Honoring The Creative Kitsch Of Paint-By-Numbers

2 min
 (Paint By Numbers Collection/NMAH Archives Center)

Critics were aghast, but hobbyists couldn't get enough of it: In the mid-1950s, paint-by-numbers kits were all the rage. Dan Robbins, the artist who helped invent those kits, died at a hospice on Monday in Sylvania, Ohio, at age 93.

After World War II, Robbins was working as a package designer for Palmer Paint Company in Detroit. Company owner Max Klein was looking for a product that would appeal to adult hobbyists, and Robbins remembered something he learned in high school: Leonardo da Vinci's numbering system.

"I remembered hearing about how Leonardo da Vinci would challenge his own students or apprentices with creative assignments." Robbins wrote in his autobiography. "He would hand out numbered patterns indicating where certain colors should be used in specific projects such as underpainting, preliminary background colors or some lesser works that did not require his immediate attention."

A saleswoman at Woolworth's Five and Dime store sells paint-by-number kits — after World War II, people had more leisure time to paint, and the kits took off.
A saleswoman at Woolworth's Five and Dime store sells paint-by-number kits — after World War II, people had more leisure time to paint, and the kits took off. (Minnesota Historical Society/Corbis via Getty Images)

Palmer began to produce paint-by-number kits under the name Craft Master. At first, Robbins created his own compositions for the kits. "Dad was strong in seascapes so he did a lot of those at first," says his son, Larry Robbins. "Then he'd go back, lay a clear plastic sheet over the original and assign numbers to the colors he'd laid down." Beginner kits might have only 20 colors, intermediate kits as many as 30 or 40. Leisure time being at an all-time high after the war, some 20 million paint-by-number kits sold in 1955 alone.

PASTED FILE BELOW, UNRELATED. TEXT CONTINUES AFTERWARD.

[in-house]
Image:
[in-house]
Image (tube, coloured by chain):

In 2001, the Smithsonian Museum of American History explored the, er, style with the exhibition Paint by Number: Accounting for Taste in the 1950s, curated by William Lawrence Bird—now curator emeritus. What astonished Bird most was how Klein and Robbins figured out what people wanted to paint in order to keep up with the craze. "They had a customer base that was dependent on them to produce new subjects. So they'd read the mail," People wanted pets, he adds—kittens, puppies and horses. The Last Supper was a particularly big hit. "And some people, when they would finish a painting, they would sign it."

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But Klein and Robbin's Craft Master paint-by-numbers kits didn't strike gold or even silver for their company, which faced bankruptcy at the height of their popularity. "Dan told me some 30 other companies entered the field, producing kits left and right," says Bird. "So it became a craze that was beyond his power to control."

Robbins kept on making his own art and working freelance for commercial clients. Curator emeritus Bird says one of those jobs was designing Happy Meals for McDonald's.

As for the critics who dismissed paint-by-numbers as a ridiculous endeavor, Larry Robbins says his dad didn't seem bothered by it.

"The big dilemma was 'Is it art or not?' I don't think dad got caught up in defending it one way or another," he says. Robbins believes his father took pride in giving people who might not otherwise have the opportunity "the experience of what it was like to paint," regardless of their ability.

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Bird agrees. He says Robbins "democratized access to the apparatus of art for people who would never have been exposed to them otherwise. He put brushes into the hands of people." And, he adds, some of those people might have even been inspired to pick up their brushes and paint "without numbers."

Copyright 2019 NPR. To see more, visit NPR.org.

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